Autonomous nanomachines perform biologic functions in live cells.
Nanomachines made from synthetic DNA motors have the potential to mimic natural protein motors in cells, however, the operation of synthetic DNA motors in living corpuscles has not yet been demonstrated. The remarkable specificity and predictability of Watson–Crick base pairing make DNA an appealing construction material to build the synthetic motor systems. However, although various synthetic DNA motors have been tested in vitro, the ultimate goal of introducing them into cells to perform biological functions has not yet been achieved. Now, a study from researchers at the University of Alberta develops working synthetic DNA motors in living cells. The team states their study demonstrates how DNA motors can be used to accomplish specific biological functions in live cells. The opensource study is published in the journal Nature Communications.
Previous studies show to operate in living cells synthetic DNA motors must encompass components readily taken up by living cells, with the operation of the motor and its parts initiated by specific molecules within the cellular material. It is also advantageous for the motor to be self-powered to enable autonomous intracellular walking, with the external addition of fuel DNA strands or protein enzymes highly undesirable. Finally, the operation of the motor in living cells should be monitored in real-time to pick up any reactions or resulting diagnostics. The current study develops a DNAzyme motor capable of operating in living cells in response to a specific intracellular target.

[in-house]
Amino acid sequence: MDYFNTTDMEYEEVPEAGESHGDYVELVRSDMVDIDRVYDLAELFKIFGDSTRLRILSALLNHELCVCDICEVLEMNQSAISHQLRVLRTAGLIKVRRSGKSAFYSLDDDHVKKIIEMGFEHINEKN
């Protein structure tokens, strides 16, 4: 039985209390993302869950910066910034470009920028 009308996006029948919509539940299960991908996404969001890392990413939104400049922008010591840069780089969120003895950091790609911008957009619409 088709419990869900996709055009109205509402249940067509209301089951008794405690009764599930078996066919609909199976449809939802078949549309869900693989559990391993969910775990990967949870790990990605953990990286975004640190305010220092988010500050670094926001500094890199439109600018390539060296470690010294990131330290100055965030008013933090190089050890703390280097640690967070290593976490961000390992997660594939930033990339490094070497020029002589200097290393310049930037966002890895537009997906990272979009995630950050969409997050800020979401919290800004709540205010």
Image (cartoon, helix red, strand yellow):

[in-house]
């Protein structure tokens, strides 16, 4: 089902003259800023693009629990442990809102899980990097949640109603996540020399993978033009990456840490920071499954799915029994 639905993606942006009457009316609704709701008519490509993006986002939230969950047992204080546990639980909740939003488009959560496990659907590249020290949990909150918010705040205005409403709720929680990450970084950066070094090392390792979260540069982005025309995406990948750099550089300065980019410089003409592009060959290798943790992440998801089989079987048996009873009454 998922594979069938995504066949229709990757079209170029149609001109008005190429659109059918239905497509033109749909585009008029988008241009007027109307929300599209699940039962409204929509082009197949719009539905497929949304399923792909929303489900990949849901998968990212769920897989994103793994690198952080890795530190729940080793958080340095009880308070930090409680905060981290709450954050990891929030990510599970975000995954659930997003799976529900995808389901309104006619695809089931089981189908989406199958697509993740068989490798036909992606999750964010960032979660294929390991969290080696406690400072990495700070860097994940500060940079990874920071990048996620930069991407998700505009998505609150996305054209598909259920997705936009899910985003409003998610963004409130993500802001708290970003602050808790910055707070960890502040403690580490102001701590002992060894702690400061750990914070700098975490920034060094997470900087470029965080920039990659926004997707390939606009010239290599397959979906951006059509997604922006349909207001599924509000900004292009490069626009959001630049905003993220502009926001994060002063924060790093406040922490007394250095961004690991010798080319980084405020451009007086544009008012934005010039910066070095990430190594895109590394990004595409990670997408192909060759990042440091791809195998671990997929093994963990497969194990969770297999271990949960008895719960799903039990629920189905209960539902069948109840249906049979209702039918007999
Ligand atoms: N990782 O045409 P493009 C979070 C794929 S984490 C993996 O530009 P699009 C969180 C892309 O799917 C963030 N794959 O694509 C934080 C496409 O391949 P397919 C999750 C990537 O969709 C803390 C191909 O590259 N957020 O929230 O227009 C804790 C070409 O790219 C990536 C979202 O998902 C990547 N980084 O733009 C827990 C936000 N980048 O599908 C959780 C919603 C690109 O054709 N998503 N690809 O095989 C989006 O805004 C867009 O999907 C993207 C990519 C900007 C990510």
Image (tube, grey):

The current study develops a nanomachine from compartments made up of DNA enzyme molecules and substrates, providing the required fuels, DNA tracks, and a molecular switch. The aforementioned produced a nanomachine capable of detecting a specific microRNA sequence found in breast cancer cells. Results show when the DNA motor came into contact with the targeted molecules, it produced fluorescence as part of a reaction. The group was able to monitor the fluorescence, detecting which cells were cancerous and believe the findings show great promise for the early diagnosis of disease.
The lab states trace amounts of the target molecules that may be missed by other techniques can now be detected by their nanomachine. They go on to add in addition to the potential for improved disease diagnosis, DNA motors could also be used for precision drug delivery in patients without adversly affecting molecules that are not diseased.
The team surmises their study demonstrates, for the first time, the operation of a synthetic DNA motor in living cells. For the future, the researchers state their aim is to expand their work to examine a wider range of disease markers.
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